Foundations of Construction; Union Station was the Beaux-Arts ‘gateway to the city’

“The massive Great Hall under construction circa 1916, part of the Beaux-Arts design of Toronto’s Union Station,” photographers Peake & Whittingham/Library and Archives Canada / PA-067276. Retrieved from

By Susanna McLeod

Special to Ontario Construction News

Passengers arriving at Toronto’s early Union Station on Front Street were graciously welcomed by three elegant domed towers and a large clock. At first considered large on opening in 1872, by 1911 the station was too congested to handle the 40,000 passengers and more than 130 trains daily, according to City of Toronto. Plans were drawn up for a new spacious railway hub, and the magnificent new Toronto Union Station opened in 1927.

Grand Trunk Railway and Canadian Pacific Railway (CPR) joined to construct a luxurious, awe-inspiring train station. (Grand Trunk Railway became Canadian National Railway in 1923.) The planning and negotiations were completed, then approvals were necessary from property owners, railroad companies, and government; it all took nine years. Architects R.H. MacDonald and G.A. Ross from Montreal, plus John Lyle from Toronto, and Hugh Jones with CPR designed a Beaux-Arts style station “as the gateway to the city.”

Construction began in 1914 on Front Street, a short distance from the cramped original station. The build was delayed again “for several years because of the First World War,” noted City of Toronto’s “History of Union Station.”

Incorporating an abundance of Classical and Renaissance elements, the architects’ drawings ensured grandeur. The exterior’s symmetry was reflected in the building’s interior, and included spaces on a grand scale. The image of opulence began with setting the building about 21 metres back from the street. Adding to the drama, a lower section was formed, resembling a dry moat around the perimeter of the property. A road for deliveries was built, and a bridge installed for passengers to cross over the gap to the station.

The building “is 752 feet long (229m) from east to west,” said Sean Marshall and James Bow in “A History of Toronto’s Union Station Through the 19th and 20th Centuries,” Transit Toronto. The interior “has an average height of 87 feet (26.5m).” The beige and grey exterior was constructed in limestone from southern Ontario, Indiana, and portions of the interior were from Minnesota.

Quarried at Niagara Escarpment, Queenston limestone formed the exterior walls. Indiana limestone, also known as Bedford limestone, was quarried in south central Indiana. At the main entrance, Bedford limestone was carved into 22 enormous columns, “each 40 feet in height (12m) and weighing more than 75 tonnes.” A softer grade of rock, Bedford limestone is susceptible to pollution; the damage became obvious within several decades.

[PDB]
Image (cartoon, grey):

“On either side of the central space, a pair of identical wings provide space for offices and a postal station and maintain the symmetry of structure,” noted Ontario Association of Architects (OAA). “Entrances are clearly marked with projecting pediments and forward-stepping columns, in keeping with Beaux-Arts design.

Passengers entering the station to purchase tickets were amazed by the station’s extraordinary Great Hall, its arched ceiling nearly 27 metres high. The indented Guastavino tiles created a beautiful ceiling, produced by techniques developed by Spanish architect Raphael Guastavino in 1885. The New York architect’s patented arched tile system used rough-surfaced clay tiles and was praised for fire-proofing and sound-proofing qualities.

The vast Hall featured Zumbro limestone on the walls, most likely quarried at the Zumbro River quarry in southeastern Minnesota. “The stone reflects the light subtly and brightens the appearance of the space,” noted Transit Toronto. Signifying the entrance to train platforms, the Great Hall continued “the Beaux-Art emphasis on sequence of spaces [with] centrally placed Corinthian columns on the south side of the room,” OAA stated.

Ornamentation carved throughout the station also featured names of cities served by the railway companies. “The list alternates from side to side, naming the cities from east to west,” City of Toronto said. The beautiful herringbone pattern on the floor was created from Tennessee marble, and large arched windows grace the west and east walls.

Contractor P. Lyall & Sons Construction Company Limited won the bid to build the Union Station, regarded as the largest and most opulent train station in the country. Lyall’s company was incorporated only two years before receiving the major contract. Prosperous and in demand, Peter Lyall’s firm worked across the country for many years.

With great fanfare, Union Station officially opened on Aug. 6, 1927 after His Royal Highness, Edward, Prince of Wales cut the ceremonial ribbon with gold scissors. The royal visitor and his family must have been impressed— he mentioned “You build your stations like we build our cathedrals,” said City of Toronto.

Union Station now serves over 200,000 passengers a day, and has been renovated over the decades to accommodate the dynamic intercity transit hub. The federal government designated Toronto’s station as a protected Heritage Railway Station in 1989, for being “the country’s most outstanding example of Beaux-Arts railway architecture and its historical role as one of the most significant hubs in the Canadian transportation network.”

            © 2023 Susanna McLeod. McLeod is a Kingston-based freelance writer who specializes in Canadian History.




Please enter your comment!
Please enter your name here

I accept the Privacy Policy

This site uses Akismet to reduce spam. Learn how your comment data is processed.